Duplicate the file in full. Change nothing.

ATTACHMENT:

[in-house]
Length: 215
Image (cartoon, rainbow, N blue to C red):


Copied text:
[in-house]
Length: 215
Image (cartoon, rainbow, N blue to C red):